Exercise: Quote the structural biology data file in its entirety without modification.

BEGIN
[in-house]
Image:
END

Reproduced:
[in-house]
Image: